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J Gen Physiol. 1997 Jun 1; 109(6): 767–778.
PMCID: PMC2217039

Role of Transmembrane Segment S5 on Gating of Voltage-dependent K+ Channels


The cytoplasmic half of S5 (5′S5) has been identified as part of the inner mouth of the pore based on evidence that mutations in this region greatly alter single channel conductance, 4-aminopyridine (4-AP) block and the rate of channel closing upon repolarization (deactivation). The latter effect, suggestive of a role for 5′S5 in channel gating was investigated in the present study. The biophysical properties of chimeric channels, in which the 5′S5 regions were exchanged between two host channels (Kv2.1 and Kv3.1) that differ in 4-AP sensitivity and deactivation rate, were examined in a Xenopus oocyte expression system. Exchange of 5′S5 between Kv2.1 and Kv3.1 confers steady-state voltage dependence of activation and rates of channel deactivation similar to those of the donor channel. The involvement of voltage-dependent gating was confirmed by the observation that exchanging the 5′S5 segment of Kv2.1 with that of Kv3.1 confers a change from slow to fast deactivation kinetics by accelerating the decay of off-gating charge movement. We suggest that a conformational change that extends from the voltage-sensor in S4 to the region of the pore lined by S5 regulates the stability of the open state. Therefore, the cytoplasmic end of S5, in addition to forming part of the conduction pathway near the inner mouth of the pore, also participates in the conformational rearrangements associated with late steps in channel activation and early steps in deactivation.

Keywords: potassium channels, gating, activation, deactivation, Xenopus oocyte


Voltage-gated K+ channels are integral membrane proteins that are assembled from four α-subunits (MacKinnon, 1991; Liman et al., 1992), each of which contains six transmembrane (S1-S6) segments (Tempel et al., 1988). Mutational analysis indicates that the ion permeation pathway contains elements of the S5-S6 linker (Hartmann et al., 1991; Yellen et al., 1991; Yool and Schwarz, 1991; Holmgren et al., 1996) and the cytoplasmic halves of S5 and S6 (Kirsch et al., 1993a; Lopez et al., 1994; Shieh and Kirsch, 1994). Side-chain substitutions at positions that are critical for determining permeation, however, have little effect on voltage-dependent gating currents (Taglialatela et al., 1992). Instead, attention has been focused on the S4 transmembrane domain and its unique repeating motif of 5–7 positively charged residues (Arg or Lys) each separated by two intervening hydrophobic residues. This motif is conserved in voltage-gated cationic channels including calcium and sodium channels (Catterall, 1988) and is thought to be part of the voltage sensor for channel gating (Papazian et al., 1991; Liman et al., 1991; Logothetis et al., 1992). Studies using cysteine mutagenesis, in combination with either chemical modification or fluorescent labeling, indicate that the residues in the S4 segment undergo a voltage-driven translocation across the membrane electric field during activation (Yang and Horn, 1995; Mannuzzu et al., 1996). The displacement of charged residues in the S4 contribute to the gating currents (Aggarwal et al., 1996) that are responsible for regulating the voltage dependence of the probability of opening. Charge movement kinetics are directly related to the conformational rearrangements of the channel protein associated with voltage-dependent gating transitions (Bezanilla and Stefani, 1994) and are very sensitive to hydrophobic substitutions in the S4 and in other, downstream, regions of the channel (Zagotta and Aldrich, 1990; Lopez et al., 1991; McCormack et al., 1991). Recently, it has been proposed that in Shaker channels activation occurs via two voltage-dependent conformational rearrangements/subunit that produce multiple transitional steps between closed and open states (Bezanilla et al., 1994; Sigg et al., 1994; Zagotta et al., 1994). This behavior has been described by models in which the early steps of activation are independent, whereas the later steps associated with the final openćlosed transitions involve concerted interaction of the subunits. In particular, both off-gating charge movement and channel deactivation are limited by a slow first closing transition that is not predicted by independent movements of four identical subunits (Bezanilla et al., 1994; Zagotta et al., 1994). Although critical parts of the structural domains of the voltage sensor and the ion conduction pathway have been identified, the components responsible for rate-limiting transitions that couple movement of the voltage sensor to the channel opening are still unknown.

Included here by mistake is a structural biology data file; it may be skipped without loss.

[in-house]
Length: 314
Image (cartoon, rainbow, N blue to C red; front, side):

A clue to the coupling domain is that inhibition of potassium currents by intracellular blockers such as 4-aminopyridine shows marked gating dependence (Kirsch and Drewe, 1993; McCormack et al., 1994; Yao and Tseng, 1994; Stephens et al., 1994). In Shaker, Kv2.1 and Kv3.1, 4-AP preferentially enters and blocks the activated channel. Once bound, the drug can be trapped when the channel deactivates, such that its dissociation from the binding site requires channel reopening (Kirsch and Drewe, 1993; McCormack et al., 1994). Furthermore, in Shaker channels it has been shown that 4-AP interferes with a late step in activation that leads directly to opening (McCormack et al., 1994). In view of the gating-dependent nature of 4-AP block, the binding site and nearby residues may be located within structural domains that undergo late conformational change during transitions between closed and open states.